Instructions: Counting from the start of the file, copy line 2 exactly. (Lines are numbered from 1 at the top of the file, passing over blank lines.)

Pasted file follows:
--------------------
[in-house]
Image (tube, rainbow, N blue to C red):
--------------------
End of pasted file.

Image (tube, rainbow, N blue to C red):